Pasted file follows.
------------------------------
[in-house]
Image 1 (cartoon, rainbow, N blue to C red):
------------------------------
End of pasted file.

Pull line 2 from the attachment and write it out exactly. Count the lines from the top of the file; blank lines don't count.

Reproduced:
Image 1 (cartoon, rainbow, N blue to C red):